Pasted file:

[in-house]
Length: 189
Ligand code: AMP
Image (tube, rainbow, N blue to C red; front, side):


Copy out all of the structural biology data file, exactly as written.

[in-house]
Length: 189
Ligand code: AMP
Image (tube, rainbow, N blue to C red; front, side):